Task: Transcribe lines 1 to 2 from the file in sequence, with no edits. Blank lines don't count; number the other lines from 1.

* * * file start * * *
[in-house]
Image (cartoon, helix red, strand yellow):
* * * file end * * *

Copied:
[in-house]
Image (cartoon, helix red, strand yellow):